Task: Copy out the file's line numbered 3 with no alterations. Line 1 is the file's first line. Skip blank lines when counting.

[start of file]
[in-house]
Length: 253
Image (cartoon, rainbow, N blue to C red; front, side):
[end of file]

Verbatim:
Image (cartoon, rainbow, N blue to C red; front, side):